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Sherri Richards, Published October 26 2012

Mom of a murderer: Carol Kent shares story of finding forgiveness in midst of ‘new normal’

If you go

What: Jail Chaplains Dessert Social and Fundraiser, featuring Carol Kent

When: 5:30 p.m. Tuesday, program at 7 p.m.

Where: Holiday Inn, Fargo

Info: $15 per person. (701) 364-0067

Online

www.jailchaplains.com

www.carolkent.org

www.speakupforhope.org

FARGO – Carol Kent was finally in her own bed, back in Michigan after another trip, this time to St. Louis. Kent made her living as a speaker, sharing her Christian faith with other women and encouraging them to be women of influence.

Then at 12:35 a.m., the phone rang. It was a call that would change her life.

Her son, Jason, a U.S. Naval Academy graduate, had shot and killed another man, his wife’s ex-husband.

“I had never been in shock before,” Kent said in a phone interview recently, remembering that night in October 1999. “I tried to get out of bed, and my legs wouldn’t hold my weight. Something had happened that had forever changed our lives.”

Kent will be the featured speaker at a fundraiser Tuesday for Jail Chaplains, a nonprofit organization that ministers to inmates of the Cass County Jail.

“I’m going to talk about the hope-filled choices every one of us needs to make when the life we thought we would have is going to turn out different than we expected,” Kent says.

There are many reasons we may need to find a “new normal,” she says. An accident could cause a severe disability. A baby may be born with lifelong special needs. A loved one could be arrested.

“I really believe to some degree or another every one of us can identify with living in a new kind of normal because we live in an imperfect world,” she says.

Kent says it was important that she and her husband chose life by facing their neighbors and church family rather than an emotional death.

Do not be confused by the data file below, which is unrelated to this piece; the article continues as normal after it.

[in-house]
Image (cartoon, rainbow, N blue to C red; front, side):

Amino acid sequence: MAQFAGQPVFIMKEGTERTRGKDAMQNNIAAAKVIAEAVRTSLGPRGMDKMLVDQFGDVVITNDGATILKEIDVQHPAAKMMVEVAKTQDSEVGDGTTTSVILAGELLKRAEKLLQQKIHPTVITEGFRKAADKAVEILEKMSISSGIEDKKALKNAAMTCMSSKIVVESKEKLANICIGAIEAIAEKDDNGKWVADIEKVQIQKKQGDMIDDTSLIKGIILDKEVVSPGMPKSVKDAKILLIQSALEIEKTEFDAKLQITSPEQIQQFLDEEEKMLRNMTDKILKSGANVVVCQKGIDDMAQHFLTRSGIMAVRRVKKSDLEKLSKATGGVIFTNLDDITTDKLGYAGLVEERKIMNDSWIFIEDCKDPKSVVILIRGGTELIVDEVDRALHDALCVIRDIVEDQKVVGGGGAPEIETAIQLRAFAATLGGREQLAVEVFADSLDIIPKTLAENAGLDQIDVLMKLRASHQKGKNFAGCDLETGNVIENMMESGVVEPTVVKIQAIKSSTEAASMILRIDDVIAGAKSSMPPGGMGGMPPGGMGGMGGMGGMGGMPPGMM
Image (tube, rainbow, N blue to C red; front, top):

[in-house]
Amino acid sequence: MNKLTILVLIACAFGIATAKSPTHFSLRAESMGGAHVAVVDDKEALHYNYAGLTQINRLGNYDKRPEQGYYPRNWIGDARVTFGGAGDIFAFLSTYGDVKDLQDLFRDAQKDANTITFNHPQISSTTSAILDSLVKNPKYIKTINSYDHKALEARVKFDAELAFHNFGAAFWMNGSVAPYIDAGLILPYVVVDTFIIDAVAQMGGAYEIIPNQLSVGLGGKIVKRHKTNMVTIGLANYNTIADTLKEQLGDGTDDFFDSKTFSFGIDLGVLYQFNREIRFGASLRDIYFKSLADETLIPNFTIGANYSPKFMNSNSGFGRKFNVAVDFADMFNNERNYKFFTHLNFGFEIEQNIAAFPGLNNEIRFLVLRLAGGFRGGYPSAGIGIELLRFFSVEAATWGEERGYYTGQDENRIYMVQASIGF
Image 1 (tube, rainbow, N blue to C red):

She chose to trust, and she chose vulnerability by sharing their journey with a wider circle of people. Besides speaking, Kent has written three books about their journey since the arrest.

Kent says she also chose to find gratitude, joy and forgiveness – all virtues needed when living in that new normal.

Kent says Jason, her only child, had become obsessed that his wife’s ex-husband would harm his stepdaughters during a visitation. It took 2½ years and seven postponements of Jason’s trial before he was eventually convicted and sentenced to life in prison without parole, she says. He was 25 years old at the time of his crime.

Carol Kent says Jason has used his current circumstances to help others, by leading prayer groups and Financial Peace University courses in prison.

“I realize my son’s life is not being wasted. It’s very purposeful because he’s leading, mentoring and counseling other men,” she says.

That’s one reason she appreciates the ministry of Jail Chaplains here in Cass County.

“For many inmates, the chaplaincy program is where they find hope,” Kent says. “They give some of these inmates their very first view of what a godly man looks like, what could it look like if I became a better man and incorporate faith-filled biblical principles in my life.”

This year’s dessert social marks a year of transition for Jail Chaplains. Gerri Leach, who worked for the Salvation Army for 5½ years, has been named executive director elect. She succeeds the Rev. Curt Frankhauser, who was appointed volunteer chaplain 33 years ago and built the ministry.

Former North Dakota first lady Nancy Schafer was recently elected chairwoman of the Jail Chaplains board.

Schafer first got involved about three years ago, at a time when she was looking for an opportunity that was a service to God. She says she was moved and impressed by the ministry.

She says Tuesday’s event not only raises money for group’s work but raises public awareness.

“So few people understand, even think about the Cass County Jail,” Schafer says. “People come in so broken, nowhere to turn. When they leave they have someone to rely on, God and the people serving in chaplaincy, to show them a new way rather than going down the same old way of life.”

Kent works to make sure her experiences show others a new way as well.

She hopes to use what has happened to her family to help people “trapped in the embarrassment of false shame,” and to encourage people to be more authentic.

“I feel that out of sharing from the depths of my own pain and hurt and disappointments, God has allowed me to be able to connect with people who might have never connected with me if my life had been more ideal … as it was before the arrest,” she says.

___

About Jail Chaplains

Jail Chaplains became a nonprofit in 2006. It has a full-time chaplain at the jail, Mike Sonju, as well as about two dozen volunteers, says Gerri Leach, executive director elect. Its programs include:

- Chaplain visitations and individual mentoring

- Weekly worship service

- Bible studies

- Work release program

- Personal growth courses, such as Celebrate Recovery, Crown Financial, Moms in Touch, Dads in Touch and anger management